A mass of filth and rubbish as is meet
To cover swine with. From my very heart.
I pray they sleep forever and a day,
And I will take my moonshine and away!
Moonshiner (Places inscription above head of Judge):
"HERE L1ETH THE MAJESTY OF THE LAW"
(And above the heads of the Deputies):
"HERE LIETH THE POLICE POWER OF THE LAW"
Moonshiner and Bootlegger (Singing):
"It beef steak when I'm hungry,
Good whisky when I'm dry,
A new Girl ev'ry Sunday
And a better place when I die."
His Was That Kind.
"Are you Interested la a loose-leaf
"Nope, got one."
"Indeed I Whose?"
"Didn't know they published a loose
leaf edition I"
"You ought to see mine after the
children bad used the vol nines as
building blocks a few years."
"Hiram." said Mrs. Comtossel. "why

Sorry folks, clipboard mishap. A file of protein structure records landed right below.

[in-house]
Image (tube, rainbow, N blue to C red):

did you Insist on our boy Josh tskln'
music lessons? You kuow lie hasn't
"1 wasn't thlukio' about the tulena
a long as 1 hear biro practlclu' on
the violin, I know he Isn't skylsrkln'
with the hired man nor teeslu' the
New at the Game.
"Was your aeiiul hand truck re
paired by an expert?" said Farmer
"I'tu a little suspicious that It
wasn't," replied Farmer Itrooktleld
The young feller who did the work
took the machine, all apart, put It te
gether attain so It runs ss easy as
a gold watch, an' charged me only
Horial Ktude (frowuliig In perplex
ity on heating once more that she I
not at home) I wonder, Jimmy, If
your sister realises that I have treated
tier to three taxi rides and four con
certs this month?
"You bet she realises It. That's why
she's keeping her engagement to Bill
Henderson a secret." Judge.